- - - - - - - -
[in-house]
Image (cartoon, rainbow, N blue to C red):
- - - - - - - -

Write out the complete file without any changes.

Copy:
[in-house]
Image (cartoon, rainbow, N blue to C red):